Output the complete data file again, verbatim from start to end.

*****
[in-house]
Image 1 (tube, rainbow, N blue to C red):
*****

[in-house]
Image 1 (tube, rainbow, N blue to C red):